Genma raised a sardonic eyebrow. He seemed relaxed and unhurried, if you ignored the warning glint in his eyes.

Kakashi said, “Yes, lieutenant.”

Genma smiled and inclined his head at Ryouma. “Come on, Tousaki.”

Straightening up, Ryouma dusted off his knees and looked tickled, as he always did when he got to be the favorite. They beat a languid retreat.

Grouchily, Kakashi turned his attention to the final pig. It was a lean adolescent, with a runty, undersized look about it. A local farmer’s cull, and doubtless one well paid for. It eyed him with dark, squinty eyes and gave an ominous snort.

The Sharingan was ready with Iebara’s seals, stolen in the fragmented moments when he’d ripped blood from Genma and Ryouma, and tried to throttle Kakashi with it. Boar, Dragon, Hare…

At the signal, a chuunin sliced the young pig’s throat. Blood fountained, the pig staggered. Kakashi’s hands flashed. He felt the chakra lash out, strike, catch. The pig screamed, and for six lurching heartbeats Kakashi could feel the living network of its circulatory system: the aorta’s thick pipe, pulsing arteries, thinner veins, the delicate, hair-like capillaries feeding down into multi-layered structures too small to comprehend. Countless different connections moving countless different ways, all dependent on a panicking heart.

He tried to grip it all and felt the first shuddering tremble as the system backed up on itself, thrown into chaos. It writhed, fracturing, and the pig’s falling body gave a weird ripple. Kakashi ground his back teeth, focusing. Ox—

No, not Ox. He aborted the seal, converting it to Half Bird. Chakra flexed sickly, twisting into shapes that felt deeply unnatural. He eased back, letting go of the periphery. He didn’t need those small vessels. Or these emptying ones. He just wanted the throat, where the stricken carotid still pulsed.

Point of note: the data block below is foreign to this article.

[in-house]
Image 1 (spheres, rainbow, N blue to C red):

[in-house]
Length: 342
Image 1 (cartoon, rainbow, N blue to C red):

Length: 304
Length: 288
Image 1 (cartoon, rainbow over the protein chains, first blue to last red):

The pig was gasping now, trying to pull air into a system that could no longer transport it. Spiraling above its head, a crimson shape coalesced.

Reverse Horse.

It did make a difference. Half the blood immediately dropped out of the air, splattering over the ground, and Kakashi hissed, but what remained pulled densely together. Then it stretched, lengthening. The center split into a jagged web. It had none of the delicacy of Iebara’s latticing, but the structure held, sharpening, becoming blade-like. Kakashi uncurled his fingers and the weapon turned, trembled, and cut down in a lethal arc. A single mercy stroke. The pig died soundlessly.

The moment its heart failed, chakra sparking out, the blade reacted. It darkened. Fragments began to shear away. Kakashi redoubled his grip, sweat pricking at his temples. His own chakra was in revolt, desperate to pull away from this dying thing, but he had it, he had it

Lightning broke away from him.